Alum of Business Planning: Crooked City Cider
When Dana Bushouse turned her passion for craft cider into a business, she looked to her moonshining great-uncles for inspiration.The more she discovered about her family’s “crooked” history, the more that initial inspiration turned into entrepreneurial guidance — save the illicit smuggling.
Just as her uncles grew their bootlegging business based on the steady demands of Prohibition-era shortages, Dana has let Oakland’s newly developed taste for craft cider dictate her business’s organic growth, batch-by-batch, and with FCI: class-by-class.
When did you first decide to start a cider business?
I always knew I wanted to start my own business but never knew exactly what that would be. As a kid, I was always selling old toys to friends or organizing fundraisers for local animal shelters. I really liked being able to connect with people to raise money, whether it be for myself or for a non-profit.
Crooked City Cider started with me wanting to consume a better cider myself. I wasn’t able to find the cider that I wanted to drink in Oakland so, I immediately thought of my great uncles who were moonshiners back in Michigan and their legacy of alcohol production.
The name Crooked City Cider is about my family history and tying into that prohibition era of challenging the norm and pushing yourself to be inventive and to create something for people. It’s about meeting a demand that hasn’t yet been met. Like my uncles met the demand for a quality whiskey during prohibition, I feel that Crooked City Cider can meet the demand for poundable, sessionable dry cider.
How did Food Craft Institute’s Business Planning Module & Business of Beer Master Course help you grow your business?
The Business of Beer course came right after I decided to start Crooked City Cider. I had just finished my cider-making course in Washington. I literally flew in from Washington and took my bags into the Business of Beer class, so I was able to continue momentum. I was able to take the ideas, inspiration, and momentum I had from up north and tie it into my community here. Being able to connect with other small business owners through FCI and other folks who were at the same level I was sealed the deal. It engrained me in a community that helped me decide I really was going to stay in Oakland for this business.
Who is your biggest food inspiration?
One of the neatest things about starting this business is diving into my family history. I found all my uncle’s case files and pictures and stories about how they got started. They started making wine in their butcher shop and then Prohibition hit, so they started making whiskey. They grew organically. But they were also breaking the law. I knew that was not something I wanted to do, so I took some inspiration from them as far as creating a brand and telling a story instead.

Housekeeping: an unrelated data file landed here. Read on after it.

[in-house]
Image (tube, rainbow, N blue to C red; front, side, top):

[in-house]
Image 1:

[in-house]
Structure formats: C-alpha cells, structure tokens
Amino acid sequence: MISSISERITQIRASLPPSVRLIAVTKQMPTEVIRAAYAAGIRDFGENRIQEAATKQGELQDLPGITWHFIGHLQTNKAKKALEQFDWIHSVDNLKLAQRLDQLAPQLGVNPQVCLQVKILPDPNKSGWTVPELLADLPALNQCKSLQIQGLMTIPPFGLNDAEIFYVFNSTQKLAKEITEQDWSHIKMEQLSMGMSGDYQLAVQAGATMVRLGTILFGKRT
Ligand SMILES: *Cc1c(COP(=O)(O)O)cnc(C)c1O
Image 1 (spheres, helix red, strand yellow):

As far as industry inspiration, I’ve really delved into the craft cider producers who actually are who they say they are. I look towards those producers who are being true to the fruit and the ingredients, and to their consumers, and working at educating the public rather than doing a smoke and mirrors effect to get people to drink their product.
What do you envision the upcoming years will bring for Crooked City Cider?
In the next year – actually, hopefully in the next month – we’ll be signing a lease for our own space to open a cider bar in Oakland that not only serves locally produced cider, but also cider from around the country and around the world.
It’s hard because I make a really good cider, but it’s very challenging because every batch of juice I get is different. Every ferment is different. And so it truly is this artisanal craft product that is different. Every single keg I deliver, I feel like there’s a little bit of variety in it. I like that, but it’s challenging to market.
There’s part of me that doesn’t want to let that go of that side of growth, but there’s the reality of needing a paycheck and small-scale distribution won’t do that. I’m very open to the universe sending me another half who has experience with production and distribution to grow that side of the business, but where we stand right now is that I’m focusing on direct-to-consumer sales from our own tap room.
Five years? I would really love to see the production grow and see it expand outside of Oakland, but still keep the quality. I just don’t know if it’s possible to grow without losing that quality. In a utopic world, I’d love to see Crooked City Cider bars throughout the Bay Area and perhaps beyond.
What have been the biggest obstacles you’ve encountered?
Managing growth and capital. You hear the same story with any business that doesn’t come with money behind it. You put out a great product and have all the best intentions to grow organically, but the demand ramps up and you’re like, “whoa, how can I meet this?” There never seems to be enough money and it’s challenging to figure out which path to go down to find the funding you need. Investors, loans, crowdfunding, etc. Debt is scary, but so is giving away part of your business. Weighing out these options and figuring out what to do next without getting behind or neglecting your focus is super tough.
What advice do you have for new food entrepreneurs starting out?
I still feel like a beginner so it’s hard to give advice. I learn lessons probably every week and clean up messes each time.
Stick to one idea. Continue to stick to your goals and follow what you believe in. I’ve had opportunities to veer from my brand and my goals but I continue to stay true to my brand, to Oakland and to the story. Don’t cheapen that.
If you’re interested in learning more about Business Planning for your own endeavor, visit our website or email email@example.com for more information. Our next Module is April 26 – 27, 2016.